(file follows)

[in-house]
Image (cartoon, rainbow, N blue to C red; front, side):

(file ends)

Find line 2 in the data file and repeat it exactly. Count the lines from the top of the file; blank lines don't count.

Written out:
Image (cartoon, rainbow, N blue to C red; front, side):